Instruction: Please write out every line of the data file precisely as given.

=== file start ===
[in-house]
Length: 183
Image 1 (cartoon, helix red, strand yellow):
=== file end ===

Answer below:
[in-house]
Length: 183
Image 1 (cartoon, helix red, strand yellow):